The evolution of creative ideas is a fit subject for students of history. We cannot consciously not know what came before; or, if we consciously refuse to know about the past, we risk repeating previous "discoveries" or the mistakes others made before us.
After returning from Japan in 1986, I undertook a project, to photograph parts of the American West, with my large format view cameras--a project which took about 10 years, but was still incomplete when I abandoned it in 1996, after the death of my son Randall that year.
One of the areas I explored was the California coast. I would drive up and down Hiway One looking for "subject matter"--views or aspects that might repay the time and effort of setting up the heavy tripod, camera, lenses and film holders preparatory to making even a single exposure. One afternoon as I was driving south of Big Sur, I noticed this tree growing in a narrow ravine just off the road. Looking east toward the foothills, I noticed that the property might be part of the Hearst Castle estate skirting the edge of San Simeon Bay (though it may have technically been part of San Simeon State Park). The road-side fence was four-foot high barbed wire, but barbed wire never stopped an intrepid landscape photographer, and trying to get permission to trespass in rural areas is like trying to get an audience with the Pope. "4x5," I said to myself, and lugged the equipment under the top course of wire. The tree was an oak, and the way it stretched waaaaaaaay out over the cropped pasture seemed very artistic to my eye. Only the continuous action of westerly winds over the life of the tree, could produce this windswept profile. The scene spoke to me. I probably was using Tri-X rated at 320 iso, unfiltered with a normal length lens.
Some years later, in 1991, when we were building our house, we were referred by our architects (Silverstein-Jacobson) to a local woodworker named Miles Karpilow (pictured below). Miles, as I later learned, had been a book scout back in the day, who had rummaged the West Coast used book network, along with companions Larry McMurtry (the novelist) and David Meltzer (the poet), when they were each struggling and relatively unknown. I wasn't a bookseller in those days, and Miles wasn't scouting books, having (instead) become one of the world's most admired and respected contract custom wood workers, turning out signature furniture and architectural component designs inspired by the craftsman tradition. His doors and chairs were, and are familiar features around the Bay Area. We decided to have Miles make the front door for the new house, an oak behemoth as wide as two men, with carving and leaded glass decoration. The inspiration for the carving was the photograph you see above, taken in 1987 at San Simeon.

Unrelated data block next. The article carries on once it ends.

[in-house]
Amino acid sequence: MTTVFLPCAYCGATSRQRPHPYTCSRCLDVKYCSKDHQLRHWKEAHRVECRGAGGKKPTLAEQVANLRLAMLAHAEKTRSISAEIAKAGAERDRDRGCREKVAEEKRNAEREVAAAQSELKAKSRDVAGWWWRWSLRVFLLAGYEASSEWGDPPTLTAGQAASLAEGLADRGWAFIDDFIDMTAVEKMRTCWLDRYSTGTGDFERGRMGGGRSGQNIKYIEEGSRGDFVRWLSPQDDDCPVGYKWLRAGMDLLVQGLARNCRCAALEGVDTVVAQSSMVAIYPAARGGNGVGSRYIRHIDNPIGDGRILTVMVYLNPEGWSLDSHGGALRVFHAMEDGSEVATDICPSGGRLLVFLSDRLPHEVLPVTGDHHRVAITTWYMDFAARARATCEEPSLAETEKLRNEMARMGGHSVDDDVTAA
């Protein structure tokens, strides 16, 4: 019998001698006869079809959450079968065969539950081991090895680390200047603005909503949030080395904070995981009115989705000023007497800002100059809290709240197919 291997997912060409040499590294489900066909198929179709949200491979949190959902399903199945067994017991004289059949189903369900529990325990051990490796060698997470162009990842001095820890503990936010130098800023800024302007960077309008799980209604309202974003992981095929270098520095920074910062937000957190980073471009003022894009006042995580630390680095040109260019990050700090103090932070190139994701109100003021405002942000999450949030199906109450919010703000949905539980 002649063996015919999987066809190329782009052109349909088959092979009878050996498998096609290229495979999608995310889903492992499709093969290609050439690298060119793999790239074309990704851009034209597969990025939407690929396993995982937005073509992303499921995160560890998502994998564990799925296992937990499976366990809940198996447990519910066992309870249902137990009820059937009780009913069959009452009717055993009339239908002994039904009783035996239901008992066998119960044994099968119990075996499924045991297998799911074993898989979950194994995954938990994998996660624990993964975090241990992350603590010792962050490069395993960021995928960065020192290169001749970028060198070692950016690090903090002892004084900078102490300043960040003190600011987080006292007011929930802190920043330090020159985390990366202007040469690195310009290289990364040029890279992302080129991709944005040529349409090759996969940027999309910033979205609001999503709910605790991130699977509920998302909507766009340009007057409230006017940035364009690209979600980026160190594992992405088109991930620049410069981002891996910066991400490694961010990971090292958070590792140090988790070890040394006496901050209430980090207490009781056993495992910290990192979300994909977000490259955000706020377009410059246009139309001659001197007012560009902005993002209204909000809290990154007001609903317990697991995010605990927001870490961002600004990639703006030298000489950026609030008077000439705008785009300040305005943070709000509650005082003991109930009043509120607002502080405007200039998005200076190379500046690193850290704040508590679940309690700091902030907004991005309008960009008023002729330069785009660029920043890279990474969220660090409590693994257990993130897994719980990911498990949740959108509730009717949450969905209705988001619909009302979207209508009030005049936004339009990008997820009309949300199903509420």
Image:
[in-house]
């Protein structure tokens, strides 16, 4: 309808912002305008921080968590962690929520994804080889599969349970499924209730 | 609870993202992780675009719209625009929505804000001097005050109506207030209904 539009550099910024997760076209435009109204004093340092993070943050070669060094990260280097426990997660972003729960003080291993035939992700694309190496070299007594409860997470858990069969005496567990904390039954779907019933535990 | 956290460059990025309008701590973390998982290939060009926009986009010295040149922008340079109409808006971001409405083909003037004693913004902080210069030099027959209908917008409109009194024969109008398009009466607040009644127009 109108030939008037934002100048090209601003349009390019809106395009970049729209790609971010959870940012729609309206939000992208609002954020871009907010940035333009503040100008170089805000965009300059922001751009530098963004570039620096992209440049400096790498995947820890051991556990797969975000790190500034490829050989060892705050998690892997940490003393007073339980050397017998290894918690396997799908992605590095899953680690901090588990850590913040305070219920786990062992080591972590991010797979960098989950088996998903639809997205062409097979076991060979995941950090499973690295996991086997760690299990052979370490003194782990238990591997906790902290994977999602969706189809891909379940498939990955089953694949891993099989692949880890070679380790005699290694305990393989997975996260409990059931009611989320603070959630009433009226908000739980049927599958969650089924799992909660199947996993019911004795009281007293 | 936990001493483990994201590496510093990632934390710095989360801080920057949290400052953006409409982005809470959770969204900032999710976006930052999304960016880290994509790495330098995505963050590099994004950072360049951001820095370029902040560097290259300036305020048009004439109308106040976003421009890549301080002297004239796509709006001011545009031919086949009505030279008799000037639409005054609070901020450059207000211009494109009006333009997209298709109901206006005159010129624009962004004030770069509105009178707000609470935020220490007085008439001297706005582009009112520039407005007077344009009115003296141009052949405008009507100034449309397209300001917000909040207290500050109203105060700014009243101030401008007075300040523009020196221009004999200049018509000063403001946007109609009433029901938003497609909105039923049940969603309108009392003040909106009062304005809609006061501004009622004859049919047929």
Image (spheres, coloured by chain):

The tree design was right in keeping with Miles's craftstman specialty, and he set about making it while the house was just in the foundation stage of construction. People who've seen it in the two decades since, inevitably say it reminds them of Greene and Greene, and I wouldn't argue with that impression. Miles let his inspiration be guided by the traditions of woodwork design which had come down through the examples executed by masters. Greene & Greene, Maybeck, Julia Morgan. In fact, Morgan had been the guiding architect for William Randolph Hearst's Castle at San Simeon [1922-1939], a project that was as open-ended as any such commission is likely to be, almost a kind of Medieval process.
When Orson Welles set about satirizing Hearst and his many triumphant boondoggles, in the fictional cinematic biography Citizen Kane [RKO, 19041], he renamed Heart's Castle "Xanadu" while incorporating many of the characteristics of Hearst's La Cuesta Encantada ["The Enchanted Hill"]). Hearst was so embittered by Welles's damning portrayal of him, that he was able to get Welles blacklisted out of Hollywood for the rest of his career.
Did Welles suspect that Hearst would be powerful enough to abbreviate his career to this degree? Would he have undertaken the ambitious movie, had he understood that it would mar the rest of his creative life, forcing him to work through his prime in Europe, on secondary projects, and expedient acting parts, scratching out a meagre living?
Perhaps the most supreme irony is that the movie is considered by many to be the greatest cinematic masterpiece in history, the very height of movie technique, editing, and powerful portrayal--both of character, and of history--a kind of idealized newsreel of the 20th Century. A sad commentary upon America, and the sort of men who've dominated our culture for nearly 200 years. It's likely to remain as the preferred version of Hearst the man for many decades to come. Often times, the embellished portrait is the one history remembers. In this case, one could hardly ask for a more poetic outcome.
In any case, every time I come through the door, I think "Xanadu" and Samuel Taylor Coleridge and Orson Welles and Miles Karpilow and William Morris and Greene & Greene and William Randolph Hearst and Citizen Kane. Long after I'm gone, when the meaning of the door has faded into obscurity, someone will see that carving and wonder what inspired it. The meaning will undergo transformation and find new life in another time.